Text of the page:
Not to betray my (old) age or anything, but didn’t The Deanery once used to be frequented by drunk, suited bogans? Perhaps so. It didn’t seem so upon my first visit: the bar area was crowded but the punters were polite. The dining area looked very fancy indeed and the venue’s wine storage is visible from almost every table. Woah. So this is a wine nerd joint, eh?

So of course I ordered a glass of Bridge Road’s Chevalier Saison. I later learnt on Twitter that the keg that just been tapped that same night we were there and more reassuring, The Deanery’s Twitter presence was conversing with Bridge Road’s. Good to see more good food places getting in on the craft beer love.

It gets better.

I didn’t actually order it at the time, but Tristan and Luke had a bottle each of the Weihenstephaner hefe weissbier. Remember guys, when life gives you lemons, get it the fuck away from your hefeweizen. One of my favourite pearls of wisdom from Twitter. Remember folks, this is the One Wheat Beer To Rule Them All.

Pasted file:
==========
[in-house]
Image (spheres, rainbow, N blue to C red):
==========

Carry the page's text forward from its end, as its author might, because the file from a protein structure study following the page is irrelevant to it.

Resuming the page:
Weihenstephaner hefeweissbier

I love how the menu is divided into small, medium and large dishes, allowing you to choose lots of small things to make up a meal. Of course, if you prefer the more traditional option of just getting one main, there’s that too. Luke opted to do this and had a humble old steak. He seemed pretty taken with it!

His partner Kim chose the Momofuku-inspired steamed pork buns as a starter, as did Tristan. Due to the absence of serious tech, you’ll have to suffer my ghetto mobile phone photos. I do apologise as it won’t do the morsels justice. I believe these appear in the Momofuku cookbook so you can try your hand at making them at home, like this blog has. The consensus seemed to be that The Deanery’s take on them were okay.

steamed pork buns 'inspired by Momofuku'

Kim then went with the duck pie, celeriac purée and preserved mushrooms on my erroneous advice that it came highly recommended. Turns out I had confused it with The Lincoln’s duck pie. She decided to order it anyway and declared it wonderful.

duck pie, celeriac puree, preserved mushrooms

Big sis L started off her culinary adventures with the quail with coconut, yoghurt and tamarind chutney. She really enjoyed it but as quails are a somewhat bony bird, that can dampen the nomming experience. Just the way the figurative cookie crumbles!

quail, coconut, yoghurt, tamarind chutney